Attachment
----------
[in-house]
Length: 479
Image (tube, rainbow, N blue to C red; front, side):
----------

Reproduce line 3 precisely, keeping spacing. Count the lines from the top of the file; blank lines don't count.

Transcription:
Image (tube, rainbow, N blue to C red; front, side):